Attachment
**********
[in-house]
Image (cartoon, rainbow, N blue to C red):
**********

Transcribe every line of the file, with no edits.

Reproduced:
[in-house]
Image (cartoon, rainbow, N blue to C red):